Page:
Monique Christine Daniels

Monique, circa 1992; Age-progression to age 41 (circa 2017)

  • Missing Since 06/02/1992
  • Missing From Moore, Oklahoma
  • Classification Endangered Missing
  • Sex Female
  • Race White
  • Date of Birth 06/16/1976 (47)
  • Age 15 years old
  • Height and Weight 5'4, 125 pounds
  • Clothing/Jewelry Description A men's large green military-type flight jacket and a men's diamond ring. The ring was too large for her finger and was taped to keep it on.
  • Associated Vehicle(s) Blue Chevrolet pickup truck
  • Distinguishing Characteristics Caucasian female. Blonde hair, blue eyes. Monique has a half-moon shaped scar on the outside of her left ankle and a three-inch scar on her right shin. She has a mole on the upper left side of her lip. Monique's upper left incisor tooth is chipped. She occasionally wears blue wire-framed eyeglasses. Monique's nickname is Nicki.

Details of Disappearance

Monique has was last seen by a neighbor on June 2, 1992 in Moore, Oklahoma. The witness told authorities that she was loading clothes into a blue Chevrolet pickup truck driven by an unidentified Caucasian male. She has never been heard from again.

Monique was abused by her biological father, who is now in prison for sex offenses. By 1992, she lived with her mother, Candyce Daniels, stepfather, Charles "Chuck" Daniels, her three siblings and her two half-siblings. She was the oldest child in the family. Her stepfather was a sergeant in the Air Force and her mother was also in the military.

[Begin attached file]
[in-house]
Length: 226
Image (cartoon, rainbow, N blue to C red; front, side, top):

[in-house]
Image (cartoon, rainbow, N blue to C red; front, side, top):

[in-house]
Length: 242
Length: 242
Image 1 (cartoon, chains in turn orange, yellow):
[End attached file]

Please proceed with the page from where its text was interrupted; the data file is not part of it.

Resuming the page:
She disappeared while her mother and two of her siblings, Angelique and Bryan, were touring with their church choir for a week. When they returned home, Chuck simply said "She's gone again." Angelique would later state that the house, which was normally kept very clean, was in a state of disarray. Beer cans and cigarette butts were lying out, and there was an empty pregnancy test box sitting on the bathroom counter.

Monique's parents didn't report her as a missing person because, they said, they believed she had run away from home. She had run away earlier after she became pregnant and her parents forced her to have an abortion, but her best friend convinced her to return home.

In January 1993, Monique's maternal aunt contacted the police to inquire about her case and learned no missing persons report had been filed. She asked Candyce about it, and two days later, Candyce said Monique had called home and spoken to her younger sister, Angelique, and said she was safe.

A week after that, a letter supposedly from Monique, postmarked Dallas, Texas, arrived in the mail. A second letter arrived in September 1993. The letters said Monique had gotten married and given birth to a daughter named Chelsea, and she and her husband and child they were currently in Alaska but frequently traveled for his job.

Nothing further was heard. Monique's aunt asked the police to check the handwriting on the letters and see if it was really hers. The day before Candyce was supposed to bring them to the police for the examination, the letters and some other items were stolen in a reported burglary at the Daniels family home.

Chuck reportedly said the house was "so much better" and "tranquil" in the aftermath of Monique's disappearance. Angelique stated her mother and stepfather seemed to "erase" Monique from the home; for example, they prohibited their children from talking about their missing sister, and had new family portraits taken to replace the displayed ones that had Monique in them.